When Justin Trudeau comes to Toronto in June, he’ll do something that no Canadian prime minister has ever done — march in a Pride parade.
And then he’ll do it again in Vancouver, and one more time in Montreal.
Though Trudeau has marched in many Pride parades before, he understands that this year will be different.
“We recognize that it’s not just me going to the parade yet again,” he says. “The community and Canadians put in place a prime minister who understood how important it is to attend Pride. And that’s something to celebrate — it’s a milestone.”
Ahead of his history-making marches, Trudeau sat down for a 20-minute, one-on-one interview with Daily Xtra to talk about LGBT issues facing the federal government.
Trudeau says that every year that he’s gone to a Pride celebration, at least one journalist will ask if Pride is still relevant and why everyone still makes such a big deal out of it.
And so why exactly does it still matter?
“Well, Orlando is one example,” Trudeau says. “The situation around the world where people look at Toronto Pride or Prides across the country and say, oh my god, wouldn’t it be wonderful if our country was like that.”
Trudeau won’t be the first sitting world leader to march in a Pride — that honour goes to former Danish PM Helle Thorning-Schmidt, who marched in 2012. But Trudeau’s participation is meant to signal a new relationship between the federal government and LGBT Canadians after a frosty decade of Conservative rule.
And certainly, the tone from Ottawa has shifted.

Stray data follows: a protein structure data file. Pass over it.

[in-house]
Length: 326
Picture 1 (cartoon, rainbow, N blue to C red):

In 2016, he raised the Pride flag at Parliament Hill for the first time ever.
His government wholeheartedly embraced a trans rights bill that for years had languished in Parliament, though whether it will be approved by the Senate is still an open question.
And his decision to march at Pride speaks to the broader vision of Canada that he articulates — an open, progressive country where all citizens are accepted.
“I think just understanding that this is a trend line we’re on, that we still have more work to do,” he says. “But I think if the legacy is us anchoring Canada as a place of openness and respect and defence of everyone’s rights, then that’ll be a good one.”
But on many issues, some LGBT Canadians are already expressing their disappointment with the pace of change. Whether it’s the blood ban, LGBT refugees, relationships with homophobic countries or apologies for past wrongs perpetrated by the Canadian state, many people are insisting that Trudeau take more notice.
Over the next few days, Daily Xtra will be publishing more stories from our interview with the prime minister that touches on those and other topics.
So what does Justin Trudeau want his legacy on LGBT issues to be?
“To get it to the point when we have an LGBT prime minister and nobody notices,” he says.